In that deal, the United States said it would work with Afghanistan to develop a response if it was ever attacked, but was not committed to help. Washington was committed, however, to supporting Afghanistan's social and economic development, security institutions and regional cooperation through 2024. In turn, Afghanistan promised to strengthen government accountability, transparency and oversight and to protect the human rights of all Afghans, both men and women.
Afghanistan and the United States have tried to defuse regional concerns about the agreement. Afghanistan's neighbor Iran is opposed to any such agreement.
"Both sides clarified that these negotiations are premised on the understanding that the United States does not seek permanent military bases in Afghanistan, or a presence that is perceived as a threat to Afghanistan's neighbors," said a joint statement issued after the meeting.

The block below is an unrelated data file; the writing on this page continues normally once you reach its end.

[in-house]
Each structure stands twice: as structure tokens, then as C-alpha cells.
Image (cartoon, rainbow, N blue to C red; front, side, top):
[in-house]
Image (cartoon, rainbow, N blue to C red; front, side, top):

The bilateral security agreement is essentially a status of forces agreement and will include all the authorities needed to operate military forces in Afghanistan, including taxation, visas and other technical issues. It does not need to be ratified by the U.S. Congress. The U.S. has similar agreements with dozens of countries.
In Iraq, a similar deal fell apart after U.S. officials were unable to reach an agreement with the Iraqis on legal issues and troop immunity that would have allowed a small training and counterterrorism force to remain there.
Karzai said last month that the issue of soldiers being protected from prosecution in Afghanistan could be a problem in the talks. He has said Afghanistan might demand prosecutions in some cases. The issue took on new meaning after Staff Sgt. Robert Bales allegedly attacked Afghan civilians in two villages in southern Afghanistan. The American soldier faces 16 counts of premeditated murder and six counts of attempted murder in the March 11 attacks against civilians. A preliminary hearing was held this week at Joint Base Lewis-McChord in Washington state.